‘Unpretty Rapstars 2’ Producers Say That This Season will remain PG-13

kpopluv, Sept. 8, 2015, 8:06 a.m.

Unpretty Rapstar 2" producers said Tuesday there will be less explicit content in the upcoming female rap competition program after the first season got cancelled for airing swear words and obscene lyrics. The pilot episode will air Friday night on the cable channel Mnet. The cast has been expanded to 11 contestants from nine in the previous season, which concluded its two-month run in March after the Korea Communications Standards Commission flagged it as inappropriate.

Season 2 contenders also come from various backgrounds, with three of them -- Hyolyn, Yubin and Yezi -- part of girl groups Sistar, Wonder Girls and Fiestar, respectively. The rest include mid-tier and underground artists as well as a rookie rapper with no stage experience. The series is an all-female spin-off of audition show "Show Me the Money," which ended its fourth season last month.

"The cast knows of the controversy and I don't think any of them are trying too hard like the season 1 contestants did," producer Ko Ik-jo told reporters at a press conference. "When we first created 'Show Me the Money,' we found the explicit lyrics refreshing, but now we're trying to tone it down so that anyone can watch without being offended." "Unpretty Rapstar" and "Show Me the Money" have regularly drawn flak for broadcasting scandalous content.

Last month, Mino of the existing boy band Winner issued an apology to gynecologists after they found the lyrics of the rap he showcased on "Show Me the Money 4" insulting. The verse in question goes: "Mino targets all the daughters, spread (your legs) like you're at the gynecologist." Producers also denied giving preferential treatment to girl group members in casting.

"The purpose of our program isn't to discover raw talent but to show the audience that there are many genres even within the female rap community," Han Dong-cheol, director of Mnet, said. "On the contrary, I actually think excluding idol group members because they're already famous is discriminatory." Hyolyn of Sistar said she decided to participate because of her hidden passion for rap.

"It's something I've always wanted to try and loved," she said. "So I decided to take on this challenge even if I have more to lose than gain." This isn't Hyolyn's first reality show appearance. She has previously competed in another music survival show, "I Am a Singer" on the terrestrial network MBC. But Hyolyn called the atmosphere of the "Unpretty Rapstar 2" set "uncannier."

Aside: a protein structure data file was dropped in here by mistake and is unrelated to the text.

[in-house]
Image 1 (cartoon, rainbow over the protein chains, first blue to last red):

"The format and atmosphere is definitely uncannier (than "I Am a Singer")," she said. "I'm trying to get used to it quickly. It allows me to be more genuine and tell my story as is." Yubin of Wonder Girls had a simpler motivation: she's the only member who hasn't appeared on shows by herself. "Yenny and Sunmi told me I've spent too much time being 'Yubin of Wonder Girls,' instead of myself," she said. "They encouraged me to build my own career so that's why I'm here."

Other cast member highlights include Kasper, an Amherst College graduate and former contestant on "Show Me the Money 4." When the question of whether rap battles should be considered a legitimate part of hip-hop or just a cult phenomenon, Kasper questioned the debate itself.

"I consider myself a huge fan of hip-hop and I think hip-hop inherently has a belligerent character," she said. "It's like a sport. Many hip-hop fans acknowledge it. I don't understand why people look down on rap battles." Much of the press conference discussed whether lewd acts and vulgar lyrics on stage should be accepted, with producers cautioning viewers against taking the show too seriously.

"I think giving a disproportionate amount of attention to controversial lyrics is the problem," Han said. "Just like we express our thoughts in speech and writing, hip-hop artists do so with their characteristic wit and authenticity. Of course, if things get too real, they turn aggressive, but I think viewers shouldn't take the lyrics too seriously."

Producer Ko echoed the view, saying that above all, the show aims to document the progress each contestant makes toward achieving her respective goal. "Our goal is to record the passion with which they compete," Ko said. "We hope to successfully convey what we felt on the set to the viewers."

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